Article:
This is the Ninja Turtles II: The Secret of the Ooze to the previous track's Ninja Turtles. It's much of the same through not quite as good but still awesome in its own way. They're really in love with drenching their songs with these loud and dreary noises. Usually it works pretty well, but here it gets to be a little bit too much for me. The melody is nicely done, though; without the drenched instrumentation it would have made a nice folk song, I think.
Suburban War A-
I suppose here comes my expected complaint that this album is a bit too long, and I get a little bit tired of it after awhile. It's another well-written, subdued pop rocker although the riff is neither catchy nor *detached* enough to interest me greatly. Nonetheless, I continue to like the delivery, particularly Butler's overly dramatic vocal performance, which is a tone that he always manages to do very well. Midway though the song, they bring up some heavy tribal drums, which was a very cool idea.
Month of May A
Ah, well here at least they do something to significantly change things up! This very heavy fuzz rocker is so bare and simple especially with those tight, glammy drums that I might be tempted to call it generic. However, there's something totally off-kilter about it—especially as it hits the outtro—that I can't throw such a term at it. It seems kind of stuffy, like a full-chorused song from The Rocky Horror Picture Show performed in a powder room.
Wasted Hours A-
This might be a long album, but I like that they brought in a pleasantly bouncy song, more reminiscent of the opening song, which we haven't seen in awhile. The melody is very catchy, but it does tend to get boring whenever they strip off the rhythm and leave those dreary background synthesizers to orchestrate it. ...It just seems to lose its momentum. Anyway, there's my nitpick!
Deep Blue A
Well this is a stroooooooooong song, which by comparison makes that A- I gave the previous song a tad overblown. (It had a good melody and tasteful instrumentation, what do you expect me to do?) The rhythm section here is driving. I especially like hearing that piano at the beginning of it that sounds like someone was jamming the thing. By the end, it starts to sound darker and perhaps rubbery. The melody is beautiful and they perform it in a dramatically soaring way, which gives me nice shivers down my spine. The atmosphere once again is thick and unique... it's a very easy song for me to get myself immersed in...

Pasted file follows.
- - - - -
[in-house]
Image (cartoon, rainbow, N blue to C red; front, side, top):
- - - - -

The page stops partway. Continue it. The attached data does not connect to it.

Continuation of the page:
We Used to Wait A-
Not one of the more inspired songs of this album, there's nothing particularly great about the melody nor about the instrumentation... at least more than anything else has been on this album. For this one, we get a pretty blankly pounding piano with more of those distorted, echoey sound effects in the background. It continues to make a good listen, but nothing spectacular.
Sprawl I (Flatland) A
I don't so much get the feeling of nostalgia from this song, but some sort of gothic horror film. It starts as an atmospheric and low-key ballad with thick strings and what sounds like a harpsichord all playing a minor key sequence. By the middle, it starts to build up although never to any great towering heights, which of course these guys always did brilliantly throughout Funeral. The vocal performance might be over-dramatic, but then again, I don't think they're the only people in the world who don't get melodramatic over their nostalgia episodes.
Sprawl II (Mountains Beyond Mountains) A
This is much closer to “Month of May” in that at its surface it's an overly generic pop-rocker, but there's *something* to it that makes it seem just a bit greater than that. It's a synth-pop song with stilted drum machines, a stilted chord progression, and a simple synthesizer arpeggios. The melody is simple but catchy and its passionately delivered by Chassagne who gets more dramatic by its very end, which works for it. ...Naturally, they still managed to layer on thick, noisy effects in the background that sounds like swarms of locusts sometimes. ...I'm not sure how capable these guys are of writing straightforward music normally.
The Suburbs (Continued)
Not a song, but a sort of wistful instrumental version of the song that opened the beginning of the album. The violins sound weird, like they're playing backwards. I hear Win Butler singing longingly about how he wants his old time back so that he could waste it again... Wait, what's wrong with your lives as pop stars, anyway?